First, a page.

Begin this activity by numbering students off in threes. Don't tell them what is coming next - this activity works best if it includes an element of surprise. Have students get out a blank sheet of paper and a writing instrument or, if you want to add an extra element of suspense, pass out crayons or markers. Ask the students with the appropriate numbers to draw a map of:
Give them a few minutes to draw their maps, but don't let them linger too much. Once they have maps drawn, have them trade with someone sitting nearby who has a different type of map than the one they drew. Ask the class if they can use the maps to get to the following locations (you're welcome to choose your own):
Ideally, students should respond by saying that the #1 maps are impossible to follow, some of the #2 maps sort of work, and the #3 maps all work. Ask the class why the #3 maps work (they're focused and specific) and the #1 maps don't (they're too broad and confusing). Now, ask students to think of their claim statements for their responses as maps - what type of map do they want to offer their reader?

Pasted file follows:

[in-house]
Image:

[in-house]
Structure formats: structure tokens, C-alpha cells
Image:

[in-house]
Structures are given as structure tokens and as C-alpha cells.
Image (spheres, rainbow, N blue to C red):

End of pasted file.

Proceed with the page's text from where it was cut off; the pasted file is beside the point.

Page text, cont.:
Have a list of sample claims - good, bad, and ugly - ready on an overhead. Ask the class to identify which type of "map" each claim offers the reader. Remind students that their claims should be clear, debatable, and specific. Once you've settled on a #3 claim, spend a couple of minutes "unpacking" it by asking students what they expect the response to cover based on the claim at hand.
If you have time, ask a few students to write their claims on the board. Then, ask the rest of the class to "unpack" the claims. That is, they should discuss what they would expect the rest of the paper to look like to fulfill each claim. What would the paper need to do in order to fully support the claim? Also, how might the claim be revised or narrowed for greater clarity?
Write a conclusion for class. You might ask students to conclude the class by summarizing what was covered for today and reminding them about upcoming due dates.